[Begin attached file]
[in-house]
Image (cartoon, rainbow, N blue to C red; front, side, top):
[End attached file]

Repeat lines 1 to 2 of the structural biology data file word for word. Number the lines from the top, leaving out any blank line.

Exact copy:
[in-house]
Image (cartoon, rainbow, N blue to C red; front, side, top):